Game time: Sunday, Oct. 14, 4:25 p.m. ET, FedEx Field
Weather: Mid-70s, partly cloudy
Records: Vikings (4-1) at Redskins (2-3)
Two things: When the Redskins have the ball
1. Washington's offensive game plan hinges on whether rookie quarterback Robert Griffin III will be cleared to play after suffering a concussion in last week's loss to the Falcons. RGIII practiced without incident on Wednesday and Thursday and he'll be evaluated by team doctors before practice Friday. If he can't go, the team's other rookie QB, fourth-rounder, Kirk Cousins, would likely get the nod. Downside: Cousins' in-the-pocket style would be a stark difference from the Baylor-inspired offense that highlighted RGIII's skills. Upside: Rookie fourth-rounders making their first NFL start have been serviceable.
2. If the Redskins are going to have a chance against one of the league's best defenses they'll have to improve on third downs. As it stands, Washington is 32nd in third-down conversation percentage. And it's not like the offense primarily sees third-and-long situations. According to the Associated Press, the Redskins are a combined 0 for 9 on third-and-2 and third-and-3. The league average conversion rate in those situations is 47 percent. The 'Skins were just 1-of-9 on third downs against the Falcons last week.
"It's not something you need to press about," Griffin said Wednesday. "It is something that is a glaring issue for us right now. Teams are going to try to exploit that and say `Hey, whatever we run on third down, these guys aren't being able to move the ball and get first downs.' We'll make sure we clean that up, and that takes everybody."
Two things: When the Vikings have the ball
1. How will the Redskins slow up Adrian Peterson? The last time Peterson was in FedEx Field, he left on a cart with a torn ACL. He spent the offseason rehabbing and admitted as recently as last month that he was only 95 percent. But AP's 95 percent is better than just about everybody else at full strength. And if Washington's defense is going to consistently get off the field, they have to limit AP's effectiveness on early downs and get after quarterback Christian Ponder in third-and-long situations.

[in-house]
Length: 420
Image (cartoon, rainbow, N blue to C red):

“He looks pretty good," 'Skins linebacker London Fletcher said via the Washington Post. "He’s still explosive, still can make some great cuts and great reads. He still has his vision. If he’s not 100 percent, he’s 98 percent. But he looks really good out there. He’s definitely a freak of nature when you look at his injury happening in December and to come back this early and be playing that well. You don’t notice him favoring that leg or running around gimpy or anything.”
Peterson currently has 420 rushing yards on 96 carries. By comparison, Alfred Morris has 491 yards on 100 carries.
2. Contain Christian Ponder and Percy Harvin. These are words we never thought we'd write. But the second-year quarterback out of Florida State won't ever be mistaken for Daunte Culpepper in terms of the downfield passing game (or the 275-pound frame), but he effectively manages the offense (and we mean this in the most laudatory way possible), completing 69 percent of his throws (2nd in the league to … RGIII) with 6 TDs and 2 INTs. His leading receiver? Harvin, who has been mentioned as an MVP candidate. He has 38 receptions for 407 yards, but he's also a dangerous kick returner, averaging 38.3 yards per return, including a 105-yard touchdown
X Factor. And so begins the Kai Forbath era. How long it lasts depends on the kicker's consistency.
“I’m hoping to stay here a long time,” he said earlier this week. “I’ve talked to a lot of kickers in the league and it’s taken them from team to team to team to stay on a team. So two years (out of school), I’m not complaining about that.” And the Redskins wouldn't complain if Forbath improved on Billy Cundiff's 7-for-12 effort during his month in Washington.